distributed free contraceptives and provided medical care. But in 1997, the
Communist-controlled Russian parliament cut off financing, leaving some 400
clinics to subsist on local subsidies. Lawmakers said a nation with a
falling birth rate did not need to promote birth control. The Russian
Orthodox Church, an increasingly influential force, also threw its weight
against the program.

The shift was true to form for Russian health care, which emphasizes
medical cures over prevention or education, the mantras of Western health
care. The government offers no funds for contraceptives and leaves sex
education up to individual schools, most of which offer little or none of
it. Citing public opposition, federal officials in 1997 scrapped a
U.N-funded project to introduce sex education in Russian schools.

But state-funded clinics provide free first-trimester abortions upon
request and second-trimester abortions up to the 22nd week of pregnancy for
medical or social reasons that include lack of a husband, housing or
adequate financial support.

It is typical of Russian attitudes about sex that young people are left to
discover the options and risks on their own, said Inga Grebesheva, director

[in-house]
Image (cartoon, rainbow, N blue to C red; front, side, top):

of the Family Planning Foundation, a nonprofit organization that works out
of the Health Ministry building. Even 12 years after the fall of the Soviet
Union, she said, Russians have not shed their reticence to discuss sex openly.

"We had abortions but not sex," she said with a smile. "It's just that we
were not supposed to talk about it. Everyone would watch sex on TV with
pleasure, but to talk about it would be bad manners."

Despite Moscow's ambivalence over family planning, the rate of abortions in
Russia dived by 45 percent from 1992 to 2001.

The number of women who died from them also dropped by one-half in the
1990s, according to the Rand study. Serov predicts abortions will continue
to decline as contraceptives become more accepted, even without a federal
program. "It will just take more time," he said, to reverse a decades-old

In most countries, people were introduced to contraceptives before
abortions. In Russia, it was the opposite. The Soviet Union first legalized
abortion during a widespread famine in 1920, more than a half-century
before the landmark Roe v. Wade decision in the United States. They were
banned under Josef Stalin in 1936 in hopes of encouraging births, then
legalized again in 1955 after his death.

With no access to decent contraceptives, Russian women came to view
abortion as a routine procedure, doctors say, comparable almost to a tooth
extraction. A study in 1994 found that the average Russian woman had three
abortions by the end of her child-bearing years. 

Esipova, a tall, friendly specialist in commercial real estate, said she
was not overly worried about having an abortion when she found out at age